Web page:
Attorney General Maura Healey's entrance Thursday into the gubernatorial field not only shakes up that race, but sets the stage for a wide-open contest to succeed her as the state's top law enforcement officer.

Healey has served as attorney general since 2015 and defeated Republican Jay McMahon in 2018 to win reelection. Her announcement that she will seek the Democratic nomination for governor creates an opportunity for someone new to step into a prominent statewide office without first having to take on an incumbent.

Before Healey formalized her plans to run for governor, two Democrats and past contenders for statewide office, Quentin Palfrey and Shannon Liss-Riordan, had opened campaign accounts to run for attorney general.

Andrea Campbell, the former Boston city councilor who ran for mayor in 2021, also is seriously considering a bid to become the state's top law enforcement officer, according to sources close to her. Campbell served as deputy legal counsel in Gov. Deval Patrick's administration and, on the mayoral campaign trail, called for reforms to the policing and criminal justice systems.

A Palfrey spokesperson said a formal campaign announcement is forthcoming. The 2018 Democratic nominee for lieutenant governor, Palfrey congratulated Healey, with whom he has previously worked in the AG's office, on her decision. He has a virtual fundraiser planned for next Thursday, and a Tuesday campaign email about the event described the host committee as still in formation.

"As your Attorney General, I will serve as the people's lawyer, protecting consumers and tackling the really big problems we face in Massachusetts today: racial injustice, the climate crisis, and attacks on our democracy," Palfrey said in a statement. "I'm excited for the journey ahead and plan to build a grassroots campaign for AG that respects, empowers, and includes people from across the state."

Healey has often described herself as "the people's lawyer," and used that phrase Thursday in her first campaign video for governor.

Liss-Riordan, a labor lawyer who brought cases that forced policy changes at Starbucks, FedEx, Harvard University and American Airlines, mounted a primary challenge against U.S. Sen. Ed Markey in the 2020 election cycle, but dropped out of that race before the filing deadline.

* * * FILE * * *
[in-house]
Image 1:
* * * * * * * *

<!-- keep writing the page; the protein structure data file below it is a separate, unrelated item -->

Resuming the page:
She filed campaign-finance paperwork for an attorney general run on Dec. 6, 2021 and at the end of that month reported taking in just over $159,000. Palfrey reported raising more than $68,000 in December, and had a balance of $135,815 at year's end. Campbell, who raised $1.6 million toward her mayoral campaign, now has about $35,000 on hand.

Healey was first elected in 2014 out of another open-seat race, when her predecessor Attorney General Martha Coakley ran for governor.

Healey, a first-time candidate, bested Republican attorney John Miller after securing 62 percent of the primary vote to fellow Democrat Warren Tolman's 38 percent.

Another Democrat, then-Rep. Harold Naughton, had been in the race for a period but ended his campaign around the time the party started its caucuses.

Many state lawmakers have law degrees, including some who remain practicing attorneys. They also have existing campaign operations, as do county district attorneys who would be able to tout prosecutorial experience.

Middlesex District Attorney Marian Ryan's name has come up as a potential candidate. Ryan, a Belmont Democrat, has not yet said if she's running for reelection, and a campaign spokesperson said she has not ruled out an attorney general bid.

Open seats typically generate more interest than challenges against incumbents and can spark intense speculation. The field for attorney general historically has not been a particularly crowded one in Massachusetts.

State election records show the last time more than two AG candidates made it to the ballot for either party primary was in 1974, a contest for a seat that opened up when Attorney General Robert Quinn ran for governor.

That cycle, Quinn lost to Michael Dukakis in the Democratic primary. Republican attorney general hopeful Josiah Spaulding, after prevailing in a three-way primary, lost the general election to Francis Bellotti, who had defeated five other candidates vying for the Democratic nomination.

In a run that began with Quinn, a former House speaker, Democrats have held the attorney general's office since 1969. The last Republican AG was Elliot Richardson, who left to join the Nixon administration.

The 2022 ballot will feature several open seat races among the constitutional offices. In addition to governor, lieutenant governor and attorney general, a contest is underway for the position Auditor Suzanne Bump is vacating.

Treasurer Deborah Goldberg and Secretary of State William Galvin have not officially declared their electoral intentions. Democrat Tanisha Sullivan launched a campaign for secretary this week.